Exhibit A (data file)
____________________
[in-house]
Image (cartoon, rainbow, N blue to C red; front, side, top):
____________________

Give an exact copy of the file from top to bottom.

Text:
[in-house]
Image (cartoon, rainbow, N blue to C red; front, side, top):